Nonetheless, there appears to be a degree of uncertainty and inconsistency with regard to the status of exports between Northern Ireland and Great Britain – while the UK Government has issued guidance stating that there are no licensing requirements relating to the movement of dual-use items from Northern Ireland to Great Britain, the EU has stated in a notice to stakeholders that shipments of dual-use items between Northern Ireland and Great Britain are considered exports for the purposes of the EU Dual-Use Regulation, and that the UK designated authority is to act as competent authority for the purpose of the EU Dual-Use Regulation. At the time of writing, this inconsistency does not appear to have been resolved.

Future Developments

Although, for the time being, the EU Dual-Use Regulation has been kept as retained EU law in Great Britain, the UK can decide to diverge from the EU’s rules in the future. In addition, the EU is expected to update the Dual-Use Regulation during 2021; unless the UK independently decides to make similar amendments, there may be regulatory divergence fairly soon. It remains to be seen whether the UK will follow suit and, if so, the extent to which its reforms would match those of the EU.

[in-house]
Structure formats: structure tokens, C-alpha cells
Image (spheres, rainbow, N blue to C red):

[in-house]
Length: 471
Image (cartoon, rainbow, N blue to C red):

Any future differences between the EU’s and the UK’s list of controlled dual-use items are likely to increase the administrative burden on UK businesses (who may need to classify their items under two sets of legislation).